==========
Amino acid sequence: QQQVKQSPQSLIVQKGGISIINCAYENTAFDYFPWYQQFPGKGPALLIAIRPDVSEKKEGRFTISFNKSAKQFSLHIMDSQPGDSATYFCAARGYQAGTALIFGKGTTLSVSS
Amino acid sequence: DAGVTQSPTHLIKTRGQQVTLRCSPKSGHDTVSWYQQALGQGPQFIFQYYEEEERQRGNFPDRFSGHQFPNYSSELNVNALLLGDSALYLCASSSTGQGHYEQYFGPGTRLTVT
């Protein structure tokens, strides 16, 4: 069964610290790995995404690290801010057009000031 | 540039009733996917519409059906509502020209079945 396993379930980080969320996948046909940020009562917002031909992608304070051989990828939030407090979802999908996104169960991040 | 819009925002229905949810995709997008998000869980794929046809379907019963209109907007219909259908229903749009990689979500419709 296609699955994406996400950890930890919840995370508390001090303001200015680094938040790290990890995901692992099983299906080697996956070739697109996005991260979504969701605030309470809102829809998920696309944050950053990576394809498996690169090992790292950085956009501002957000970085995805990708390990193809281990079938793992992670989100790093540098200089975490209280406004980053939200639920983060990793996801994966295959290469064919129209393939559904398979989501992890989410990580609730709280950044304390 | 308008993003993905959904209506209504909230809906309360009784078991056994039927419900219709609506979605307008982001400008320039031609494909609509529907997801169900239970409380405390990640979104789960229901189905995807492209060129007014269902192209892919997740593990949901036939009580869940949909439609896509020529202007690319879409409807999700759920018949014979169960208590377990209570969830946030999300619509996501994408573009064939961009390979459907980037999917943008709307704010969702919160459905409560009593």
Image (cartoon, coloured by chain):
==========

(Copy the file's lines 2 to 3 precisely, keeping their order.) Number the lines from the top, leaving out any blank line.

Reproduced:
Amino acid sequence: DAGVTQSPTHLIKTRGQQVTLRCSPKSGHDTVSWYQQALGQGPQFIFQYYEEEERQRGNFPDRFSGHQFPNYSSELNVNALLLGDSALYLCASSSTGQGHYEQYFGPGTRLTVT
């Protein structure tokens, strides 16, 4: 069964610290790995995404690290801010057009000031 | 540039009733996917519409059906509502020209079945 396993379930980080969320996948046909940020009562917002031909992608304070051989990828939030407090979802999908996104169960991040 | 819009925002229905949810995709997008998000869980794929046809379907019963209109907007219909259908229903749009990689979500419709 296609699955994406996400950890930890919840995370508390001090303001200015680094938040790290990890995901692992099983299906080697996956070739697109996005991260979504969701605030309470809102829809998920696309944050950053990576394809498996690169090992790292950085956009501002957000970085995805990708390990193809281990079938793992992670989100790093540098200089975490209280406004980053939200639920983060990793996801994966295959290469064919129209393939559904398979989501992890989410990580609730709280950044304390 | 308008993003993905959904209506209504909230809906309360009784078991056994039927419900219709609506979605307008982001400008320039031609494909609509529907997801169900239970409380405390990640979104789960229901189905995807492209060129007014269902192209892919997740593990949901036939009580869940949909439609896509020529202007690319879409409807999700759920018949014979169960208590377990209570969830946030999300619509996501994408573009064939961009390979459907980037999917943008709307704010969702919160459905409560009593």